The Method Described
Those organisations which provide a service to their customers use this method to establish the costs of their service. The service is regarded in the same way as the process is regarded in process costing and is the cost centre to which cost is attributed. If several types of service are provided, there will be a series of cost centres and it will be necessary to evolve a technique of apportioning overheads with a view to building up an overhead absorption rate system.
The direct costs associated with each service will be collected under the service heading, and overheads will be charged to them by use of the predetermined overhead absorption rates. Costs of services are therefore built up in the same way as the costs of processes are found in an orthodox process costing system. The main difference between ordinary process costing and operating costing is the selection of the unit of activity whereby unit costs are arrived at.
Units of Operating Costing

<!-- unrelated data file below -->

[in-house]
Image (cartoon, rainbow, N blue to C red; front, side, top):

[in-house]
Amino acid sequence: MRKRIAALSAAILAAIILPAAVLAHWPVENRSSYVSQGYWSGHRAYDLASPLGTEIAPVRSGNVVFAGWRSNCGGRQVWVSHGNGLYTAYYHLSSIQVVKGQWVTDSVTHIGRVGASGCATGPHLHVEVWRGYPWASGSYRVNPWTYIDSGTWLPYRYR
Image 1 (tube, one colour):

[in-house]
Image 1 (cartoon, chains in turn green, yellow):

As we can see by reference to transport organisations, buses, railways, airlines, carriers, etc., there are several possible units of division. We could calculate the cost per mile of running, per passenger carried or per ton of freight moved. Each of these possibilities has some merit, but it is usual to combine the two main factors – the distances travelled and the weights or numbers of goods or passengers carried over these distances.
We therefore establish the total cost of a service during a period, and evaluate the activity relating to that service in terms of ton-miles or passenger-miles for the same period. Dividing the total service cost by the total activity will give the unit cost of each ton-mile or passengermile, i.e. the cost of moving one ton (or one passenger) a distance of one mile.
The necessary data is available from the drivers’ logbooks, which would specify loads carried, mileage travelled, pick-up points and delivery points. Additional control is available by analysing the vehicle’s tachograph.
Use of Operating Costing
A list of types of organisation which would be likely to use this method of costing is given below, with a note of the different units for which costs may be ascertained.
|Road Transport||Running hour|
|Gas Production||1,000 cubic ft produced|
|1,000 cubic ft sold|
|Ton of coal carbonised|
|Electricity Production||1,000 units generated|
|1,000 units sold|
PROCESS COSTING INVOLVING BOTH LOSSES AND WORK-IN-PROGRESS
To further explain process costing and to help your overall understanding, here are some examples of process costing where both work-in-progress and abnormal loss/gains are involved.